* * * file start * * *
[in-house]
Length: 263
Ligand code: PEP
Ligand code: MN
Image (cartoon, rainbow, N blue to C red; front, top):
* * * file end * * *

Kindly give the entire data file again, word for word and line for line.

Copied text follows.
[in-house]
Length: 263
Ligand code: PEP
Ligand code: MN
Image (cartoon, rainbow, N blue to C red; front, top):